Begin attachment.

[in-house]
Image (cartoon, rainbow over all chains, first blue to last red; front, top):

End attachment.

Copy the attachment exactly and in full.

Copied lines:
[in-house]
Image (cartoon, rainbow over all chains, first blue to last red; front, top):